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QUINTESSENCE

Finding a Photograph

“She can’t see
herself apart from the rest of the world
or the world from what she must do…”
- “The Turtle,” Mary Oliver, Dream Work, 1986

I found a photograph of my daughter in this book of poetry this morning. I was searching for the poem, but the picture found me. It is a joyful photograph. She is about four, her blond hair in two curly braids, and she wears a big smile and a red sweater with two Scottie dogs on them, black and white. When did I put this between the pages of this book? It is almost seventeen years old, this photo. And then I think, smiling at her colorful sweater, of how she loved that sweater and the little red plaid skirt she wore to preschool. Of how we had a Scottie dog even then, or at least the picture of one, before it occurred to us to want one.

Perhaps predestination is always at work in our lives, like a Polaroid of ourselves that slowly seeps to color from the blank whiteness of childhood into an image of ourselves fully formed. The picture of our future selves there, yet hidden as time fills in the pattern, the colors, the smiles and the objects at our feet. I am both comforted and terrified of this thought. The comfort lies in the faith that my good will somehow find me, regardless of how I screw up, miss turns, run into walls. Life’s goodness has been preordained. The pattern of me, this me, here and now. Like Mary Oliver’s turtle in the line of her poem, I climb the same hill continually under the silver moonlight, practicing my faith in the future. I am the turtle. I am tied to my children, to the trees; even the birds above are tied to me, as the poet says, by an unbreakable string. I believe this. So it is a question of courage.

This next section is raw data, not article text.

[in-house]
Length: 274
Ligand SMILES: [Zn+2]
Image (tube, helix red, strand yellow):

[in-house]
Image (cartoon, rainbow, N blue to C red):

I set the photograph of my daughter on my desk. A gift from a book of poetry I gave to my husband the year before he passed away. I inscribed it, “My love, Keep this near for that moment of sunshine or sunset, and all the moments in between.” The date is May, 2002. Perhaps he put this photograph in the book. A bit of joy he treasured, contained in the fearless smile of our daughter in a fire engine red sweater, the belongingness of two years of age there in her smile. Her family. Hers. His. Home that travels in his briefcase, when home is far away. I look at the little girl in the Scottie dog sweater and my eyes brim, knowing a small exquisite truth. Home has just come home to me.
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